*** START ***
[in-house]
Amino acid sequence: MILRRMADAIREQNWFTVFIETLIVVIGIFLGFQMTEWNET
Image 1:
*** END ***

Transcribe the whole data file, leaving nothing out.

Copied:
[in-house]
Amino acid sequence: MILRRMADAIREQNWFTVFIETLIVVIGIFLGFQMTEWNET
Image 1: